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Jay Flounder


In addition to playing guitar and singing in Spazboy, Jay Flounder also worked at Off the Record, one of San Diego's best independent record stores.


What is the state of the scene in San Diego?
Jay: It's pretty bad, I think. It's the people who are going to the shows and the places that have shows. The places that have shows do things really poorly and the people that come to them are doing it for the wrong reasons. They're doing it because their friends think they should. I don't know if they're really into the bands so much. There's a lot of people just standing there. It's like they go to the shows to be seen instead of actually to be at the show, and the places to have shows, especially all ages, are really in a sad state because the way things are run at them, it's more politics. It's more how many people you can bring and less how good of a band you are, so that in itself there's something wrong with.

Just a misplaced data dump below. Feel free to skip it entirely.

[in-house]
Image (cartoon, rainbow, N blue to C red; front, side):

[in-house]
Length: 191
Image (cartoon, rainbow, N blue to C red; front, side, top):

Is there anything wrong with punk music in San Diego?
Jay: There are a handful of good bands, but again, a lot of the bands, I think, are doing it just because it's cool to be in a band. They're not doing it because they like playing, they're doing it because their friends like them to play. Does that make any sense? It seems like every kid in high school is in a band, which is cool if that's what they really want to do, but I think a lot of them just think the cool thing to do right now is to be in a punk rock band, so these kids are spiking their hair and learning to play and it all ends up sounding the same, to me at least.
What's good about punk music in San Diego?